Ship machinery exports in 2000 (by destinations and products)
Consolidation of financial bases
 For ship machinery manufacturing to remain a viable industry in this adverse economic condition, it is essential for individual manufacturers to have strong financial bases that enable them to invest in necessary facilities. They are faced with the challenge of meeting this need by expanding the scale of affordable investment by augmenting their capital structures through alliances and realignment and through arrangements for joint procurement of components and materials.
Cost reduction
 The Japanese ship machinery industry needs to improve its cost competitiveness if it is to survive intensified international competition. This means that individual manufacturers should start to work out intrinsically lower-cost designs and reduce the number of components used by increasing the level of component standardization, and reduce the man-hours spent per unit produced. These measures are in addition to enhancing productivity by modernization and automation of production facilities and procurement of lower-cost materials and components.
Actions Taken
Consolidation of Business Bases
 With a view to consolidating the business bases of ship machinery manufacturers, the industry has been designated eligible for assistance under the Law for Facilitating the Creation of New Business and the Law on Special Measures for Industrial Revitalization, Business renovation is being promoted through the effective utilization of corporate resources by spin-offs and by strengthening core business activities. The ship machinery industry has also been designated as a specific target of the Law for Supporting Management Renovation of Small- and Medium-Size Enterprises, and is aided in activities to consolidate the financial basis across the whole sector.
 In addition, standardization of ship machinery and equipment is being promoted as a means to eliminate the high-cost structure associated with low-volume high-mix production and to build up a more efficient production system.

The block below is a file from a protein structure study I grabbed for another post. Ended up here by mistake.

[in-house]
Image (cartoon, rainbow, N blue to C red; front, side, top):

Fig.7 Ship machinery (Production)
Better Application of Information Technology
 E-commerce and other information technology applications are now widespread in industry and society at large. In shipbuilding and other industries related to ship machinery manufacturing, the rationalization of business procedures and transaction practices is expected to progress rapidly as computerized data handling becomes the norm, and accordingly it is essential that the ship machinery industry integrates IT into its business operations.
 It is predicted that the ship machinery manufacturing industry will greatly benefit from the introduction of such technologies as it will make possible productivity enhancement and accelerate the product development process through increasing efficiency in the development, designing and manufacturing divisions and more prompt decision making.
 IT is also expected to facilitate rationalization of business activities across the whole ship machinery industry, as it will necessitate, along with the standardization of information processing techniques, a review of the current flow of business procedures and restructuring of the internal organizations of companies.
 The three-year ZoHaku Web project (a R&D exercise for a more sophisticated design and technical data exchange network) was started in fiscal 1998 to promote standardization of technical information exchange procedures between shipbuilders and ship machinery manufacturers. The ZoHaku Web system developed under this project was successfully launched in April 2002.
Fig.8 Marine diesel engines (Production)

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更新日: 2020年5月23日